31. The next question we are called upon to answer is that as to what should happen when the procedure prescribed under Clause-63 of the GCC i.e., 'in-house' procedure was not followed by the Railways?
32. The answer would be simple, which can be traced in the observations of Their Lordship of the apex Court in the same decision in General Manager, Northern Railways vs. Sarvesh Chopra (1 supra), which run thus:
"..On the pleading, the applicant may succeed in making out a case for reference, still the Arbitrator may, on the material produced before him, arrive at a finding that the claim was covered by 'excepted matters'. The claim shall have to be disallowed. If the Arbitrator allows a claim covered by an excepted matter, the award would not be legal merely because the claim was referred by the Court to arbitration. The award would be liable to be set aside on the ground of error apparent on the face of the award or as vitiated by legal misconduct of the Arbitrator. Russell on Arbitration (twenty-first edition, 1997) states vide para 1-027 (at p.15) 'Arbitrability'.
33. The learned counsel appearing for the contractor further places reliance on the decision of the apex Court in B.V. Radha Krishna vs. Sponge Iron India Ltd. (AIR 1997 Supreme Court 1324), wherein it was held that the High Court cannot substitute its own view in place of arbitrator's view and that the High Court cannot examine the whole matter as a regular appellate Court.
34. In Indian Oil Corpn. Ltd. V. Indian Carbon Ltd. (AIR 1988 SC 1340), the apex Court held thus:
"The Court does not sit in appeal over the award and review the reasons. The Court can set aside the award only if it is apparent from the award that there is no evidence to support the conclusions or if the award is based upon any legal proposition which is erroneous."
35. In Hindustan Construction Co. Ltd. Vs. Governor of Orissa ((1995) 3 SCC 8: (1995) AIR SCW 1575), the apex Court held thus:
"The Court while considering the question as to whether the award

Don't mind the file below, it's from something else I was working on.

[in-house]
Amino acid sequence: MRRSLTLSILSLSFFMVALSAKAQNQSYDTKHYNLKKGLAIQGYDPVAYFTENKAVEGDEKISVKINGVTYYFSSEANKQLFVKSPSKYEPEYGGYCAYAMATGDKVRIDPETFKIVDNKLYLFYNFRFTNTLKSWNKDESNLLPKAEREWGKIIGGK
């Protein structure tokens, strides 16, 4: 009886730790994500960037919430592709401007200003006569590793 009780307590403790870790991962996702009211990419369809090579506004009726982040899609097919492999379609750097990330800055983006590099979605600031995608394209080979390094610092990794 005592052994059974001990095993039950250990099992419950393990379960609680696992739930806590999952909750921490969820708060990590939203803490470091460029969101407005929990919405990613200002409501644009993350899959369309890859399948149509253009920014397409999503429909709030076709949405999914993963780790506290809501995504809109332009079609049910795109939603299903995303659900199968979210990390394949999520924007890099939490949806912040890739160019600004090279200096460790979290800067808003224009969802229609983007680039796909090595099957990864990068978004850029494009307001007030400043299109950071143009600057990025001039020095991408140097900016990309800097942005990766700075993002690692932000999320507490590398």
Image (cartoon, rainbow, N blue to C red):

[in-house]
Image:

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is valid or not cannot examine the question as an appellate Court and reappreciate all the material on the record for the purpose of recording a finding whether in the facts and circumstances of a particular case the award in question could have been made." 36. Though all the abovementioned decisions (1 to 3 supra) were rendered in the cases arising under the old Act 1940 Act), we do not see any change, much less substantial, in the principles laid down by the apex Court in the abovementioned decisions insofar as the power of the High Court in arbitration matters is concerned. 37. Furthermore, it is to be seen that the entire exercise of appreciating both the factual and legal, aspects had been done by the Civil Court while exercising its jurisdiction under Section-34 of the new Act (1996 Act), and the High Court would function as an appellate Court under Section-37 of the new Act (1996 Act). But, the hierarchy of adjudicatory process is the same. 38. Therefore, if the abovementioned principles of the apex Court in the said decisions (1 to 3 supra) are to be applied, it is obvious that, in normal course, this Court cannot reappreciate the whole material on record for the purpose of arriving at a different conclusion than the one arrived at by the Arbitrator. But, as already discussed in the earlier paragraphs of this judgment, insofar as claim No.2 is concerned, the same is 'non-arbitrable' in view of the specific conditions made in the shape of Clause-39 and Clause-63 of the GCC, particularly in the light of the specific interpretation made by the apex Court in General Manager, Northern Railways vs. Sarvesh Chopra (1 supra). 39. Accordingly, point No.1 is answered against the contractor and in favour of the Railways. 40. In Re Point No.2: In view of the finding recorded by us on Point No.1, this point does not survive for consideration and accordingly we answer the same. 41. In the result, the Civil Miscellaneous Appeal is dismissed. However, there shall be no order as to costs. Immediate upon pronouncement of the judgment, the learned Counsel appearing for the appellant made an oral prayer to grant leave to appeal to the Supreme Court. No question of law of general importance, to be decided by the Supreme Court, is involved in this case. We, therefore, decline to grant leave.